Italy adopts Supreme Court's view of ICJ authority
In a series of decisions in last decade—Sanchez-Llamas v. Oregon and Medellin v. Texas the Supreme Court effectively left the U.S. free to ignore decisions of the International Court of Justice, even when it had accepted the ICJ's jurisdiction. The Court ruled that the ICJ's interpretations of treaties are not binding on U.S. courts, and that compliance with international law does not override domestic constitutional principles, or even matters of criminal procedure.
It is hard to overstate the ridicule these decisions attracted from wide swaths the academy, international lawyers, and so forth. The Supreme Court was portrayed as a parochial international scofflaw. The decisions were said to be ugly examples of American exceptionalism that would alienate America from the "world."
Now the Italian Constitutional Court has followed suit, refusing to apply a decision of the ICJ, and doing so on even stronger grounds.
In the last decade, several Italian courts awarded damages against Germany to victims of war crimes during the Nazi occupation of Italy in 1944. These rulings contradicted the basic principle of sovereign immunity, and on that basis Germany sued Italy at the ICJ.
In 2012, the ICJ ruled in Jurisdictional Immunities of States (Germany v. Italy) that state immunity applies even to serious human rights violations. The decision was hardly surprising given prior immunity rulings.
However, the Constitutional Court in Rome ruled that Italy cannot follow the ICJ's judgement. For the Italian court's opinion, I rely on this summary. For an extended, baroque discussion of the Italian case by a European academic can be found here (note his description of the Medellin cases as "retrograde proclamations of provinciality.")
The Constitutional Court was required to reject the ICJ on even broader and stronger grounds did SCOTUS. Medellin v. Texas was based largely on the "dualist" principle of interpretation that international law has no direct effect domestically unless given such by statute. In this regard a judgement of the ICJ would just be like most treaties, which are not directly enforceable.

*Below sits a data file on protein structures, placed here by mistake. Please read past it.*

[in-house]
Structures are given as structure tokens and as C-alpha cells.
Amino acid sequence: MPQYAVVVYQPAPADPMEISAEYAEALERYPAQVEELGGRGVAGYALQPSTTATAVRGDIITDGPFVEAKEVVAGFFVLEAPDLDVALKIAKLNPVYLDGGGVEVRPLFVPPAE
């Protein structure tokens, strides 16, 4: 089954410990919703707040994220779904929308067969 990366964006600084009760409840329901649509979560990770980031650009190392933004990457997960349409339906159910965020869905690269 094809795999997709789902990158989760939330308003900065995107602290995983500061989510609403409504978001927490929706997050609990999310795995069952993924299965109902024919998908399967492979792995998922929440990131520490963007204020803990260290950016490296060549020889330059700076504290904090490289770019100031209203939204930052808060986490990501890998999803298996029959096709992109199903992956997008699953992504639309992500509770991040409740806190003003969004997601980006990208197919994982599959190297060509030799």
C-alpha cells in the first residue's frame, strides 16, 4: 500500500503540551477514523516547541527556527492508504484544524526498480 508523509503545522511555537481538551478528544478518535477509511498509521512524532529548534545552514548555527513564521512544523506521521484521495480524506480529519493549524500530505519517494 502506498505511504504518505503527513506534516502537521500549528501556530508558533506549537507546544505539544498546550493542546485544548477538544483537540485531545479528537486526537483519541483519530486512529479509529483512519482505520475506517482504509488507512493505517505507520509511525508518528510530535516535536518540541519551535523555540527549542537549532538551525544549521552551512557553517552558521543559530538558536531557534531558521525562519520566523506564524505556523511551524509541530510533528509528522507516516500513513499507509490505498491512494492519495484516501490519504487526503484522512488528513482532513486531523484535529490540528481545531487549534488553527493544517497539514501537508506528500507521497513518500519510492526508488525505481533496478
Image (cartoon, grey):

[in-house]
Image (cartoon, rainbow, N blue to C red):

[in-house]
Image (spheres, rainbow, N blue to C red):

Italy, however, has the opposite of a dualist system: it has a constitutional provision directly incorporating international law (as do many other countries). So it could not simply say the ICJ decision has no direct effect. Rather, it went further to say that the rule announced by the ICJ itself violates the Italian constitution.
The constitutional argument seems to be a rather thin one, based less on specific words than on the general notion of no right without a remedy. Of course, Italy recognizes other immunities and limitations on suit, but given the crimes involved here, immunity would be "disproportionate." It seems like a lot of hand-waving, but on this reasoning the Italian court concluded the Constitution precludes listening to the ICJ (presumably the constitutional principle of proportionality trumps the explicit provision about incorporation of international law).
Finally, in a move that would bring joy to Sen. Bricker, the Italian court held by extension that the U.N. Charter, which requires compliance with the ICJ's orders, is unconstitutional as applied.
Whatever one can say about Medellin now, it will be hard to call it American exceptionalism. Indeed, it may be part of what internationalist commentators like the most—a "global judicial dialogue," in which Europe is beginning to listen to America. And that is what the internationalist motto of a "decent respect for the opinions of mankind" is really about.